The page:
Remove the chain,” he orders and the other guard does as he’s told. Legolas stares at his father, confused. “Lady y/n. Your father has been searching for you for ten years and he thought you to be dead,” Thranduil states, making his way down from the throne and Legolas’ head snaps towards you.

You’re Lord Elrond’s daughter?” he asks. “Surprise?” you ask back. He sighs. “Ada. If I knew she was Lord Elrond’s daughter, I would not have put her in the cells,” Legolas says, watching as his father circles you.

Where have you been, milady? There had been many an elf searching for you,” Thranduil asks, ignoring his son.

He was curious. Lord Elrond had been in panic for the first three years of you going missing. He had even left Imladris to search for you, but had been unsuccessful. When the fourth year hit, he did not search, but started mourning. As a close friend of Elrond’s, it hurt to see him in such distress. He had been in that same state when he lost his wife and now his friend had to go through it yet again. The pain must’ve been unimaginable.

I’ve been staying with the shapeshifter, your majesty,” you say, looking dead ahead. You did not like making eye contact when you were being interrogated. Granted, it did not happen often.

And why have you been staying with the shapeshifter instead of returning home? Your father thinks you are dead,” he says, stopping in front of you.

That is new information. You did not intend for that to happen. You knew you should’ve sent a letter, but you could not in your state. Not after he said that he wished you were not his daughter.

“I felt like I was no longer welcomed, milord,” you reply. He narrows his eyes at you.

“Legolas. You will escort the princess back to Imladris back where she belongs-,”

What? Milord! I do not want to leave. I promised Oakenshield that I’d help him. I cannot-“ you start, panicked.

Have you heard of the story of the king under the mountain? Of the sickness that lies under that mountain?” Thranduil interrupts and you nod your head.

Then you know that Thorin Oakenshield will fall under the same sickness just like his grandfather,” Thranduil says.

I do not believe that, milord,” you say. “Whatever you believe is wrong. Legolas, take her back to Imladris,” he says, making his way back to the throne. “No,” Legolas says and you turn to him in shock.

Did he really just disobey his father? His king?

Thranduil turns to his son slowly, frown gracing his face.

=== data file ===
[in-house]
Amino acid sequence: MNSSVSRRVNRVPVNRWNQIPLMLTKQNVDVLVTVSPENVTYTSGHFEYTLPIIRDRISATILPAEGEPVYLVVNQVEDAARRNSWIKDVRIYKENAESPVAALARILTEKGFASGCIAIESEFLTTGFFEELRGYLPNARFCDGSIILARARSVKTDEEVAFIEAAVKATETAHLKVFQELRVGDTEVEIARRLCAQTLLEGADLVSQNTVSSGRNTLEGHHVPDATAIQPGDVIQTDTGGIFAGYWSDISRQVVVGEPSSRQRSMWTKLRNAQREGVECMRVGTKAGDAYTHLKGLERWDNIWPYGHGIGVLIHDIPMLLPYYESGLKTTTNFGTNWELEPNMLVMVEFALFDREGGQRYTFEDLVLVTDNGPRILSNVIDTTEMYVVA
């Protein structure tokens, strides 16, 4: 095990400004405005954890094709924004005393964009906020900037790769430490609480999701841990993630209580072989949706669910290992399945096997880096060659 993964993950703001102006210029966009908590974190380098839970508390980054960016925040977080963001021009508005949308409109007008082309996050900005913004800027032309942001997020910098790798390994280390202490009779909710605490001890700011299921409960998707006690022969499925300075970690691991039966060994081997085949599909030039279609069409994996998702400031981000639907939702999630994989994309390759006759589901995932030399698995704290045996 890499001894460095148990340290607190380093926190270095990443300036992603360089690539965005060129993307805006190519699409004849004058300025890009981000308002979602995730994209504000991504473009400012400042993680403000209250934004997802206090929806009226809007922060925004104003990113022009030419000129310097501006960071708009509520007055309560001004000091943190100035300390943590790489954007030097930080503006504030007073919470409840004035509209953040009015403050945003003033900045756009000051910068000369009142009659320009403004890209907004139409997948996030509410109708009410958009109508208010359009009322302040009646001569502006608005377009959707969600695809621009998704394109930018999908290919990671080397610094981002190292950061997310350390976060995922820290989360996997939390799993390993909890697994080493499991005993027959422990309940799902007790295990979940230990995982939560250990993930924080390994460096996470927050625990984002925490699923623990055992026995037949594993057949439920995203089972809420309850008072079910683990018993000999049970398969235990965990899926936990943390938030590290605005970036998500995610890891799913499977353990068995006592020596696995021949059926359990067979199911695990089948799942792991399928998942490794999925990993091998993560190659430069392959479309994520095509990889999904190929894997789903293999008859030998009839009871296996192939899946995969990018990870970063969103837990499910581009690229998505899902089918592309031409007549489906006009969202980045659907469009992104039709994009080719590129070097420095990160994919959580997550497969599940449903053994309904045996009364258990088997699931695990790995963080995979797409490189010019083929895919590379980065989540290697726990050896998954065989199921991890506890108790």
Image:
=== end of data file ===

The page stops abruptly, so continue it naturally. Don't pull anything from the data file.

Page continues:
What did you just say?” Thranduil asks.

I said ‘no’ father. It is obvious that she does not return to Imladris. She has been happy and safe with the skinchanger. Are we going to take that away from her?” Legolas asks.

Guards. Return her to her cell. My son and I have to discuss a few things,” Thranduil says, glare not wavering from his son. You notice Legolas has the same glare on his face and you can’t help but think that they look even more like father and son.

The guards take you back to your shared cell with Thorin. “What did he want?” Thorin asks as you sit at the door. “He was just curious as to why the daughter of Lord Elrond had been missing for ten years and was found traveling with a group of dwarves,” you reply nonchalantly, still thinking about Legolas and his decision to go against his father’s wishes.

“You’re that y/n?” he asks, surprised seeping through his voice.

Lord Elrond and Gandalf had spoken of you multiple times during their stay at Imladris. It was always with sadness. Fili had asked one of the elves what had happened to you and they had said that you had gotten into an argument with your father and left, never to be seen again. They had thought you to be dead and Imladris had not been the same since.

“Ah. So you’ve heard of me,” you say as you close your eyes. “We had stopped in Rivendell a few months ago and your father and Gandalf had mentioned you multiple times. Everyone believed you to be dead,” he says.

“So I’ve heard. Thranduil had ordered Legolas to take me back to Imladris, but he had refused,” you explain.

“Did he really deny his father and king?” Thorin asks, scoffing. “It seems that the children of rulers are rule breakers. Perhaps when you eventually have children, they will break many rules when they’re under the mountain,” you suggest and that causes Thorin to chuckle.

“I don’t see why not. Fili and Kili already do that,” he states loudly.

“We heard that, Uncle and we do not break rules. We just skirt around them,” Fili defends from his spot in his cell.

“It’s the same thing,” Thorin argues back and you smile. You liked the fact that he could still joke a bit in this situation.

“I reckon the sun is on the rise,” Bofur’s voice sounds throughout the cells. “We’re never gonna reach the mountain, are we?” you hear the youngest ask and your heart clenches a bit.

These dwarves have been through so much, they cannot just be stopped right here.